As is the case with many gothic works, Wuthering Heights features a great deal of death.
By the conclusion of the novel, nearly all of the characters are dead, many of them having died at young ages. This is likely a reflection of Bronte's life. She lost many loved ones to untimely deaths and eventually died herself at the young age of thrity.
Death plays a large role in Wuthering Heights. It fuels the plot and serves several purposes:
Parental death results in orphaned children and has a profound impact on the emotional and psychological growth of the children. It also results in a dramatic change of conditions for the orphaned children. For example, the deaths of Mr. and Mrs. Earnshaw leave Catherine, Heathcliff, and Hindley without parental love and guidance. Catherine and Heathcliff are left to the care and mercy of their abusive older brother, which fortifies the bond they share.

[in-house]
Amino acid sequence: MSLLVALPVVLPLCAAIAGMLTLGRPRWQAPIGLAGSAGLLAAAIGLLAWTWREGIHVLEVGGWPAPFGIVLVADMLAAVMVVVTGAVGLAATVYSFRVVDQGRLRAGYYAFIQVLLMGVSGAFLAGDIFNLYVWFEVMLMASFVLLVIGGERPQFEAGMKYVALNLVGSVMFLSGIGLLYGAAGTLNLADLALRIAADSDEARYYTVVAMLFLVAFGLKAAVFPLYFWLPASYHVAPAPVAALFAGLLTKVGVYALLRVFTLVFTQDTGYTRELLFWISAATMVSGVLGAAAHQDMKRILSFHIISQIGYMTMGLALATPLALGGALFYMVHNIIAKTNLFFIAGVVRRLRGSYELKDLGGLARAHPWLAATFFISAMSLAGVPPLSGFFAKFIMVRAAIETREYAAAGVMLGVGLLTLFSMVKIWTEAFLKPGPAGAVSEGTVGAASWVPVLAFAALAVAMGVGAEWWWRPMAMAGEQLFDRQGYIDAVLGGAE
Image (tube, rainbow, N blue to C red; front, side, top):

Death often results in inheritance and shifts in property ownership. For example, Hindley inherits Wuthering Heights when his parents die. After gambling away his money and becoming indebted to Heathcliff, Hindley's ownership of Wuthering Heights passes to Healthcliff when he dies.
Death is used to communicate the strength of love, particularly the love shared by Catherine and Heathcliff. Their passion and love for each other transcend death. Even after she dies, Catherine haunts Heathcliff as a ghost. Their love is so powerful that not even death can keep them apart.
Death, especially untimely death, serves as a constant reminder of the fragility of life.